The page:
Retirement tax could be next if ‘fair tax’ passes, Moody’s says
The credit rating agency also said Illinois will soon pass the point of no return on public pension debt. It warned against schemes to stretch or delay pension payments.
Illinois Gov. J.B. Pritzker has tried to sell his signature policy proposal, the progressive income tax amendment, as a fix to the state’s chronic budget deficits and ever-rising debt burdens.
But recent reports from credit rating agency Moody’s Investors Service show why the so-called “fair tax” would fail to fix the state’s financial problems while exposing retirees and the middle class to higher taxes.
“The ‘Fair Tax’ proposal is unlikely to be the last of the state’s revenue-raising initiatives, given the scale of its need for additional fiscal capacity,” Moody’s wrote in a report released Oct. 1. “Additional revenue options Illinois could pursue include taxing retirement benefits and applying the state’s sales tax to a greater number of service transactions.”
All 32 states that have adopted a progressive tax structure tax retirement income in some form. And Illinois state Treasurer Michael Frerichs said in June, “One thing a progressive tax would do is make clear you can have graduated rates when you are taxing retirement income.”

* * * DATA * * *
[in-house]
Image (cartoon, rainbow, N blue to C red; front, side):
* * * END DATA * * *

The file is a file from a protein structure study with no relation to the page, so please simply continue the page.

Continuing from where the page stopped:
Without structural reforms to balance the budget and reduce debt burdens, Illinois politicians will likely continue to ask taxpayers to pay more to receive less in services.
This has been the trend of the past two decades, as Illinois’ pension crisis drove a 32% drop in funding for essential services despite rising tax burdens. If voters on Nov. 3 approve the “fair tax” amendment and scrap the current flat tax protection, they’ll be granting state politicians permanent new taxing powers that make it easier to raise everyone’s taxes without fixing the cause of the state’s unending demand for more revenue.
Accounting for slower economic growth after the COVID-19 recession, the initial “fair tax” rates that would take effect if voters approved the progressive tax amendment would raise $3 billion. Illinois has a $6 billion deficit for the current budget year, a backlog of unpaid bills worth nearly $8.1 billion as of Oct. 22, and will have to make larger than expected payments next year for both operating funds borrowing and pension contributions. According to the Illinois comptroller, debt service payments on principal alone for borrowing used to paper-over holes in the current year’s budget will cost $1.23 billion next budget year, plus any interest.
Moody’s estimated in a report issued Sept. 8 that Illinois pension debt at the start of fiscal year 2019 was nearly $230 billion. Illinois had the highest pension debt-to-GDP ratio in the nation for the fourth consecutive year, with pension debt equal to 25.6% of the state’s total economic output.
As detailed in an original report from the nonpartisan Illinois Policy Institute, economic fallout related to COVID-19 will further increase pension debt and the annual costs of the state retirement systems. The combination of lower expected government revenues and lower investment returns on pension assets will drive the state’s chronically mismanaged pension system closer to total collapse. Moody’s estimates Illinois’ pension debt for fiscal year 2020 will jump to an all-time high of $261 billion.